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Fungi Associated with Damping-off of Slash Pine Seedlings in Georgia. J. W. Huang, Graduate Student, Department of Plant Pathology, University of Georgia. E. G. Kuhlman, USDA Forest Service, Southeastern Forest Experiment Station, Athens, GA 30602. Plant Dis. 74:27-30. Accepted for publication 7 July 1989. This article is in the public domain and not copyrightable. It may be freely reprinted with customary crediting of the source. The American Phytopathological Society, 1990. DOI: 10.1094/PD-74-0027.

A survey of fungi occurring in pine seeds, diseased pine seedlings, and pine bark mulch at southern pine nurseries identified 41 taxa in 23 genera. Pathogenicities of 35 representative isolates from 12 species or taxa of fungi were tested on slash pine seedlings. Isolates of Fusarium moniliforme var. moniliforme, F. oxysporum, F. fusarioides, F. solani, Alternaria alternata, Rhizoctonia solani AG-4, binucleate Rhizoctonia-like fungus CAG-3, Pythium aphanidermatum, Penicillium expansum, and Cladosporium cladosporioides caused preemergence damping-off. Isolates of R. solani, a binucleate Rhizoctonia-like fungus, and P. aphanidermatum also caused significant amounts of postemergence damping-off. F. moniliforme var. subglutinans, F. m. var. moniliforme, and F. m. var. intermedium initiated infections from seedborne inoculum to the cotyledons. F. m. var. subglutinans was the most virulent of these three varieties of F. moniliforme. In growth chambers at 20 and 30 C, F. m. var. moniliforme, and F. m. var. intermedium needed higher temperatures to cause infections. This is the first report of F. m. var. intermedium causing a plant disease.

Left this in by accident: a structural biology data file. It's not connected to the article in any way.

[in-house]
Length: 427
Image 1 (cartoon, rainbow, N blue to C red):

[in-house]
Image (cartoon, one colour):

Keyword(s): Fusarium proliferatum, loblolly pine.